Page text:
Combustible Celluloid
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With: Darren Lynn Bousman, John Carpenter, Larry Cohen, Roger Corman, Joe Dante, Mick Garris, Tom McLoughlin, John Kenneth Muir, George A. Romero, Brian Yuzna, Lance Henriksen (narrator)
Written by: Joseph Maddrey
Directed by: Andrew Monument
MPAA Rating: NR
Running Time: 96
Date: 08/06/2009

Nightmares in Red, White and Blue (2009)

3 Stars (out of 4)

Scare Fare

By Jeffrey M. Anderson

Recently screened at San Francisco's Another Hole in The Head Film Festival, this is a fun and smart documentary for horror fans, filled with dozens of great clips, ranging from the earliest silent-era chillers to the past decade and films like Saw (2004). It includes many of my favorites, and probably yours too.

Perhaps even non-horror fans could find something to appreciate here: its general thesis is that the horror genre usually manages to tap into the mood of the times, though sometimes it takes a little distance to figure out just how. For example, a certain type of extra-violent film came around during the Vietnam era, and excessive films of the 1980s tapped into Reaganism. Unfortunately, this means that the current era of remakes is left mostly unexplained.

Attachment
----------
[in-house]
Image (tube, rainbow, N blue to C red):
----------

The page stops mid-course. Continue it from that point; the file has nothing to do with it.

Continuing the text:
The documentary interviews mostly filmmakers, including John Carpetner, George A. Romero, Joe Dante, Larry Cohen and Roger Corman, though it could have benefited from some more cultural critics as well. Unfortunately, the DVD from Kino Lorber is on the poor side. The interview footage looks pixilated, and the film clips are generally cropped or stretched to fit a widescreen format (for example, the films made before 1950 are chopped at the top and bottom). There are no extras or optional subtitles. Lance Henriksen provides the moody narration.

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